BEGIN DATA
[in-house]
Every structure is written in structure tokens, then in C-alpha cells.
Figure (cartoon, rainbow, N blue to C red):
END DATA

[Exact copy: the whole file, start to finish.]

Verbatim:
[in-house]
Every structure is written in structure tokens, then in C-alpha cells.
Figure (cartoon, rainbow, N blue to C red):